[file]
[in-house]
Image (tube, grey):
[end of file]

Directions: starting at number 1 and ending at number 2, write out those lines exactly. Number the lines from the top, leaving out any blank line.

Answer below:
[in-house]
Image (tube, grey):